The process of motivating employees and clarifying their role perceptions by establishing performance objectives.
- Specific goals, Relevant goals, Challenging goals, Goal commitment, Goal
- participation, and Goal feedback.
What is a balanced score card?
A goal-setting and reward system that translated the organization’s vision and mission into specific, measurable performance goals related to financial, customer, internal, and learning/growth (i.e., human capital) processes.
What are the characteristics of effect feedback?
Ones that are specfic, relevant, timely, sufficiently frequent, and credible.
What is multisource feedback? When is 360 degree feedback most appropriate?
Information about an employee’s performance collected from a full circle of people, including subordinates, peers, supervisors, and customers.
It is particularly useful when the supervisor is unable to observe the employee’s behavior or performance throughout the year.
Is money a motivator?
According to Herzberg, money is not a motivator buta hygiene
What is gainsharing? What is skill based pay?
Gainsharing plan isa team-based reward that calculates bonuses from the work unit's cost savings and productivity improvement.
A compensation system that rewards empoyees with additional pay in exchange for formal certification of the employees mastery of skills, knowledge, and/or competencies.
What is Herzberg's motivator-hygiene theory? What are hygiene factors?
Herzberg's theory states that employees are primarily motivated by growth and esteem needs, not by lower-level needs.
These are lower-order needs, and employees experience dissatisfaction when they have poor working conditions, job security, etc. They merely prevent dissatisfaction.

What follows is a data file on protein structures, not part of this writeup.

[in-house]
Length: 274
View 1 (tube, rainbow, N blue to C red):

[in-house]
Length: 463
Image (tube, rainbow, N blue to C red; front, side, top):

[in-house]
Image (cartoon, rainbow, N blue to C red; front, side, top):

What is scientific management? Who was Frederick Taylor?
The practice of systematically partitioning work into its smallests elements and standardizing tasks to achieve maximum efficiency.
One of the strongest advocates of job specialization and a former industrial engineer who introduced the principles of scientific management in the early 1900's
What are core job characteristics?
These are where under the right conditions, employees are more motivated and satisfied when jobs have higher level of these characteristics: skill variety, task identity, task significance, autonomu, and job feedback.
How can you increase motivation through job design? What is the difference between job rotations and job enlargment?
Eliminate hygiene factors so people will focus on the context of the job.
Job rotation is the practice of moving employees from one job to another. Job enlargment is the practice of adding more tasks to an existing job and planning their own work.
What is empowerment?
A psychological concept in which people experience more self-determination, meaning, competence, and impact regarding their role in the organization.
What is self-leadership? What are elements of self-leadership?
- The process of influencing oneslef to establish the self-direction and self-motivation needed to perfom a task.
- Elements include: personal goal setting, constructive thought patterns, designing natural rewards, self-monitoring, and self-reinforcement.